As discussed in this thread http://www.samlmorse.com/forum/read.php?5,9644 I had a problem with lee helm.
Now after sailing with the old and new sail (jib) I have come to some conclusions. But first some details about the 2 jibs. I originally thought I was sailing with the yankee cut jib when I sailed Shanti down to St. Thomas. So for the new sail I had another yankee built. This was fine by me as the trade winds are strong. But the old sail was more of a jib top, a bit larger sail and a center of effort a little further aft. Please see image below.
A note about weather helm and the BCC. We all know Lyle Hess was a genius at designing boats. After this experience and research regarding my lee helm problem I am more convinced of this than ever, as you will see. Many, including myself consider the BCC to have too much weather helm. After careful thought and research I no longer believe this. If anyone has been aboard the “Pride of Baltimore”, a 90′ topsail schooner with a tiller, you will understand what I am about to say. IT’S THE RUDDER. The Pride has relieving tackles fitted for control of their huge rudder, similar to the design of the rudder on the BCC. What we have all experienced as heavy weather helm is more due to the size of the rudder and the amount of force needed to control that rudder, than to weather helm.
When sailing with the previous jib, I had the old weather helm back. Felt just like home on the BCC from my years of sailing the Falmouth and the 17 days spent sailing to weather on the delivery down here to the Virgins. So while sailing the other day I took note of the position of the tiller in relation to the companionway. I figured I could go back to the plans of the cockpit and calculate roughly the degrees of rudder needed to compensate for the weather helm. The tiller pointed to the left or right side of the companionway while sailing. See attached diagram. This worked out to about 3 degrees. 3 degrees is what I have found as a consensus as far as proper amount of weather helm. So at least Shanti as of now has the “proper” amount of weather helm, it just takes a lot of tugging on the tiller to get the BIG rudder to sit there.
So what caused my lee helm I experienced? Many BCC owners have taken the rake out of the mast in a quest to lessen weather helm (if they had only known about the rudder). This is the case with Shanti, she has had her mast taken to plumb. And I believe that this is fine. It does take some weather helm out. But remember that I am sailing at almost ideal weather helm angle on the rudder at this point. Now put a smaller jib on the BCC and you have moved the center of effort forward. This is just past the “tipping” point of balanced. Thus I experienced lee helm. I put the larger jib back on and have the weather helm back.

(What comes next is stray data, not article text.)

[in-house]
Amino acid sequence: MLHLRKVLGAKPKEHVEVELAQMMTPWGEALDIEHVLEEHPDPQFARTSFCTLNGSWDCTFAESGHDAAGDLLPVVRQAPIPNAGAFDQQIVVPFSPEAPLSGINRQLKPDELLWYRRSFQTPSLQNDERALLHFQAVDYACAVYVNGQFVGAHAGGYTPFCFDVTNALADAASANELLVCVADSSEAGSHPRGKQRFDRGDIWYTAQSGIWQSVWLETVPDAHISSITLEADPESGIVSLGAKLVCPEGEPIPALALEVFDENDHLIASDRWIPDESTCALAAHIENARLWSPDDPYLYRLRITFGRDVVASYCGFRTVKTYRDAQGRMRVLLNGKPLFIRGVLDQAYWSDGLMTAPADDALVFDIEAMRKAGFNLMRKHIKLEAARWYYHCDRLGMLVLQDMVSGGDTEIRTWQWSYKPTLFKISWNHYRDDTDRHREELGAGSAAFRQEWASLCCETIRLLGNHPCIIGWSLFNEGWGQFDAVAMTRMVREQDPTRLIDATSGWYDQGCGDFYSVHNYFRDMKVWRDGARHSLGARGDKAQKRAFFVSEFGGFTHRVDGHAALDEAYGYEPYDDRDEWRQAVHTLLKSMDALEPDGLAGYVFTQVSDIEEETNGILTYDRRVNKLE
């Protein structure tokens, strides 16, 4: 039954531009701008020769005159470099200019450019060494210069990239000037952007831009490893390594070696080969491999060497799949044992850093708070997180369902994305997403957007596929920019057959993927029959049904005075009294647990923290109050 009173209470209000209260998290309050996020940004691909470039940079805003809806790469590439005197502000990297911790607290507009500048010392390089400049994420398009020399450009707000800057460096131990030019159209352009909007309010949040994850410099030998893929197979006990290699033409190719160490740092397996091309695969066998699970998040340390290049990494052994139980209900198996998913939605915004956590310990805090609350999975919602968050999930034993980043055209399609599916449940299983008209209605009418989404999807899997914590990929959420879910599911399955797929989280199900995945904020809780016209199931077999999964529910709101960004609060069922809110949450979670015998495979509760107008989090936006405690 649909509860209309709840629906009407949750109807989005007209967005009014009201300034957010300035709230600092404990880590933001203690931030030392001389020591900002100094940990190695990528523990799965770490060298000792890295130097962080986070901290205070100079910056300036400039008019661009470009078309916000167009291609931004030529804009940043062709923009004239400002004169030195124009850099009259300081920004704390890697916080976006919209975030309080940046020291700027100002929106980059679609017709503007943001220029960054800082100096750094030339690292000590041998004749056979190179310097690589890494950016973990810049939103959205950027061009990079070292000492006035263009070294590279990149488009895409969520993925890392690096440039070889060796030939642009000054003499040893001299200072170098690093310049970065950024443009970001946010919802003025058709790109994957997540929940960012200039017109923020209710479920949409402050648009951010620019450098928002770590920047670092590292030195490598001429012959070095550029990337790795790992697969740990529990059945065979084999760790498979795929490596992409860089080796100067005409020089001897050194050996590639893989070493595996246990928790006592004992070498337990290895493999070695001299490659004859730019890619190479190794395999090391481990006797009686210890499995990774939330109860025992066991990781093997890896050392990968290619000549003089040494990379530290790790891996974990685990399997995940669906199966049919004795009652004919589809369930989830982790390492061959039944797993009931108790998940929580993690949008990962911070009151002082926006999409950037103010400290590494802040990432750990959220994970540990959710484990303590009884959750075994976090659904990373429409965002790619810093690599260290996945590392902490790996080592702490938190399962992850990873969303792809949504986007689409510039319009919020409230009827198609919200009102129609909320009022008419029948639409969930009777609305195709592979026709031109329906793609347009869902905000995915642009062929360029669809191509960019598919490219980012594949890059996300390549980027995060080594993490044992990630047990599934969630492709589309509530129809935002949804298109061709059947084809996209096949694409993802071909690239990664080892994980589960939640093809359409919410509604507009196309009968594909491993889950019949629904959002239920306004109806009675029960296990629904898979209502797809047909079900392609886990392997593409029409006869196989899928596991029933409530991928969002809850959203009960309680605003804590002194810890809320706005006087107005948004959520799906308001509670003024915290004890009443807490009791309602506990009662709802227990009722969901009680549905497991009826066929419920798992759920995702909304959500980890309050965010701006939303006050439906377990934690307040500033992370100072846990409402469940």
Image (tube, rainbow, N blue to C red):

I have just recently bought some new sails. A new main and staysail to be exact. I purchased them from Rolly Tasker Sails. They are an established Australian loft now located in Thailand. The cost was half of the highest quote I received. They are beautiful sails. I will post a more complete review of them later.
The old main on Shanti was battenless. The sail was 22 years old. Shanti had a hard time powering to weather. I usually sailed at 4-4.5 knots w/1 reef and jib in 20kts of wind.
So last Saturday we had to sail to the mangroves for the first forecasted storm of the year. We took off with the winds out of the east at a solid 20 kts. I set the smaller yankee jib (the one I had lee helm problems with) and used the full main with no reef. We would normally, with the old main and wire rigging, have to tuck a reef in the main at around 15 knots of wind. But with the new full batten main and the light weight synthetic rigging, we were able to carry the full main all the way up to 20kts. We were rail down at about 20 degrees of heel. Any more we would have had to put a reef in.
Wow, we were sailing to weather at about 5.5kts nicely shouldering into a heavy chop and 3-4’ swell. Rail down we had about 2-3 degrees of weather helm with the smaller yankee jib. You see the full batten main has a lot more roach to it than the battenless main did. Thus moving the center of effort aft a little. Now at 10-12kts of wind the boat sails herself with the yankee. More than 12 knots of wind up to 20 the helm increases up to about 3 degrees, as it should. After that a reef is necessary.
So now I have it all sorted out and Shanti is sailing like she was designed to….A Lyle Hess Bristol Channel Cutter!
Be careful of moving your mast to plumb. You may not need it. And it will not help relieve that strong tug you experience while sailing. That is just from a very large unbalanced rudder.